Days later, home again, he returned to his novel — faithfully retrieved from Louisiana. Absalom, Absalom! had been the one consistent thread through his sorrow and displacement; and yet, by the end of January, he had finished the heartbreaking work and officially noted it on the last page, “31 Jany 1936.”

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There was little rest after the troublesome and tide-turning January (the 1936 hospital stay would be the first of many). Faulkner was back in Hollywood the next month for work on Banjo on My Knee and Gunga Din. This time he lodged at the tranquil Beverly Hills Hotel. Though he was still very much involved with Meta, he showed little discretion with his conduct. Unflattering stories circulated. After a wild boar hunting trip with West, Faulkner entered the lobby of his quiet hotel in great disarray. Dirty and unkempt from crawling through the brush on Santa Cruz Island, Faulkner walked through the lobby in hunting clothes carrying a deer rifle. That spectacle would have been alarming enough, but in his absence during the hunting trip, the Beverly Hills Hotel had been robbed and most in the lobby believed the wild looking man with the rifle was the criminal back for seconds. Reports of such antics along with his unpredictable nature — curt and prickly or hospitable and charming — damaged his reputation. Studios sensed he was unreliable, and future contracts would be more difficult to land and less generous.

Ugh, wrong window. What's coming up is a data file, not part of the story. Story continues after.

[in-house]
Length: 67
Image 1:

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Four months later, he was at Rowan Oak in time to see Absalom’s production process through. The hard-fought manuscript now had to be typed and revised. There were editors in New York to appease who struggled with the book’s complexity and knotty Southernisms. The anticipated reunion with his family, including he and Estelle’s June 20 wedding anniversary, was tarnished by a domestic brouhaha. News of the upheaval reached Meta in Hollywood through a friend brandishing a Time magazine.